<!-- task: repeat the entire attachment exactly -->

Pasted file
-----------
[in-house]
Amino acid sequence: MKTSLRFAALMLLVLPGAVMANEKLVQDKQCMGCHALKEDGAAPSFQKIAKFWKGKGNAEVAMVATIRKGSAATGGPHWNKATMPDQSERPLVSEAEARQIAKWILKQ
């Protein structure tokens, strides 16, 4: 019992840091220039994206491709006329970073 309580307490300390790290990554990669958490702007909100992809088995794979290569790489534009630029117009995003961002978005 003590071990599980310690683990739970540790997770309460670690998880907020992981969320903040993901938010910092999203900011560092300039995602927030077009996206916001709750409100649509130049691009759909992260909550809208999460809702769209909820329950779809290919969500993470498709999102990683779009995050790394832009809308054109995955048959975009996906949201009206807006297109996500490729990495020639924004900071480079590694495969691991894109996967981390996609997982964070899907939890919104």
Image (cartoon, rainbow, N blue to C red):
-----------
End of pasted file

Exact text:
[in-house]
Amino acid sequence: MKTSLRFAALMLLVLPGAVMANEKLVQDKQCMGCHALKEDGAAPSFQKIAKFWKGKGNAEVAMVATIRKGSAATGGPHWNKATMPDQSERPLVSEAEARQIAKWILKQ
């Protein structure tokens, strides 16, 4: 019992840091220039994206491709006329970073 309580307490300390790290990554990669958490702007909100992809088995794979290569790489534009630029117009995003961002978005 003590071990599980310690683990739970540790997770309460670690998880907020992981969320903040993901938010910092999203900011560092300039995602927030077009996206916001709750409100649509130049691009759909992260909550809208999460809702769209909820329950779809290919969500993470498709999102990683779009995050790394832009809308054109995955048959975009996906949201009206807006297109996500490729990495020639924004900071480079590694495969691991894109996967981390996609997982964070899907939890919104």
Image (cartoon, rainbow, N blue to C red):